Tuesday, September 9, 2008

Spore! A bit of biology and computer gaming...

So we are on day 3 of Spore ownership. EA's new Maxis game, supposedly $50 million in the making, starts you as single-cell organisms working your way up the food chain, eating things to gain DNA points to add arms, legs, eyes...and mate, fight, eat, sing, dance, pose (pose??)...

What it is doing nicely with my 11 and 12 year olds is (a) getting them to talk with me and each other about biology and ecosystems and (b) play a computer game together. The graphics are cute and engaging, and one is always sitting over the other's shoulder enjoying their decisions and cheering them along.

Is singing, dancing, and posing accurate in nature? For a lot of species, perhaps, though the dancing here is a bit...odd? So far, my oldest has moved to level 3 and is thinking about societal/tribal issues. He also has learned that pie isn't the big mover of a culture (game inside joke).

So far, I do recommend Spore as something to add to the family gaming quiver. It isn't an accurate depiction of biology, but brings a lot of the concepts to the discussion forefront. Its design does imply that evolution is reality versus myth, but that's what I'd like my children to learn as well. :) And hopefully there isn't an 11 year old at the helm adding a third eye to a pink critter... :)

We'll see as we get further into tribal and planetwide conquest...

Tuesday, September 2, 2008

E-Learning Tools as School Starts Back Up

Last year, ReadWriteWeb had a nice list of available resources: http://www.readwriteweb.com/archives/e-learning_20_all_you_need_to_know.php.

They have expanded it further at http://www.readwriteweb.com/archives/web_20_backpack_web_apps_for_students.php. Some from last year have been bought, some closed, etc. I won't reinvent the wheel with their listings, but some highlights of note are the list of Mindmapping tools and sticky noting options. The more I work with high school and college students, the more I realize that they don't just need these tools, but they also need to be instructed how to use them.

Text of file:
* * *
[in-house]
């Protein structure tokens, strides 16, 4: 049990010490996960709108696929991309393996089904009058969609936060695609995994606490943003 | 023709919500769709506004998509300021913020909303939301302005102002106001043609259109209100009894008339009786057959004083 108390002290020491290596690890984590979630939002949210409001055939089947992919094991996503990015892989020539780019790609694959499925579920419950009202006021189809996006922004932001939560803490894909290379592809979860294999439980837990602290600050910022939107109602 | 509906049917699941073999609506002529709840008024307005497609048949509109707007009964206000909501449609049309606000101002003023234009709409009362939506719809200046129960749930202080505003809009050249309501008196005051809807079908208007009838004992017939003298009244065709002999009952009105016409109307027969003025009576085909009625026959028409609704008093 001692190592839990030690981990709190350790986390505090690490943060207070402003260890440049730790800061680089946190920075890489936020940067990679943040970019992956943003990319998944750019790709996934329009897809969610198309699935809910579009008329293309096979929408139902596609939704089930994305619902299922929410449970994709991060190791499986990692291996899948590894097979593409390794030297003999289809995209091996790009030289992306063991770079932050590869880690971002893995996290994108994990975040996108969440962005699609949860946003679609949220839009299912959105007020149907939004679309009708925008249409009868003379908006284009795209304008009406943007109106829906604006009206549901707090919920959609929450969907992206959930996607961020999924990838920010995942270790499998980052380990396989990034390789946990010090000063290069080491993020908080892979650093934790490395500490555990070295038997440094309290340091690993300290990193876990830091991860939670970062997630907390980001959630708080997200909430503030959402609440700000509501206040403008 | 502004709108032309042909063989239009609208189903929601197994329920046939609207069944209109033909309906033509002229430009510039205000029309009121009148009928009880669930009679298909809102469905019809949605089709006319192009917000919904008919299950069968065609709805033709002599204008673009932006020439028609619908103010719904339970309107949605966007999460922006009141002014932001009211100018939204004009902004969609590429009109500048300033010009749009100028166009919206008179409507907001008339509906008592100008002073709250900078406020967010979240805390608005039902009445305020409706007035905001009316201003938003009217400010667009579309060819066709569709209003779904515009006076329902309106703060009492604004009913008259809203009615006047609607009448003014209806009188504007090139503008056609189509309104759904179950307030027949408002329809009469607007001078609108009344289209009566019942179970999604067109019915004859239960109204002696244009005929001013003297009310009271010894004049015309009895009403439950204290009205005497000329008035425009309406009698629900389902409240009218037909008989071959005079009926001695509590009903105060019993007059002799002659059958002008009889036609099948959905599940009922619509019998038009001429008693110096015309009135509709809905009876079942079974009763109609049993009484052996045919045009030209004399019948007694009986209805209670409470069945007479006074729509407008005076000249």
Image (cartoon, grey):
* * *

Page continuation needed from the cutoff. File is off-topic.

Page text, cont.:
The challenge I've found this year is group project work. Delicious can be good for sharing links. Another option is to use a free Wiki. Some of my students have used Wetpaint; others have used Wikispaces. Google Docs was tried this year as a group work space, but isn't as good for bookmark and research sharing.

Experimenting...Chore Wars!


I just got back from a fun sci fi/kitch culture convention and was hanging out with some tech-savvy moms. One enthusiastically recommended ChoreWars.com, which we are starting today at the house. Very cool concept!

You sign up as a Player Character in a Dungeons & Dragons environment, then set up a "party" that works together. Evidently, this can be for offices or families. (Hmmm?) Then you can set up a pre-arranged group of "average" chores or start with manual settings. For each chore, family members get XP, or experience points, but also can get random treasure and monsters.

My friend has a snack drawer that you can only exchange for XP or game gold, and other treats around the house (non-food) that can only come from game results. She has 5 kids and finds that this both incentivizes and monitors in a really fun way. So we'll set this up today and see how my tweens react. All three have become decent gamers so this might be a nice tool set. More to follow!

The site is www.chorewars.com and the basic setup is ad-supported. If you want a Gold account, you can pay $10 (one time) and get rid of the ads, plus acquire additional features. It was launched by UK-based developers in 2007 and according to a recent article in The Times of London, has about 70,000 people signed up.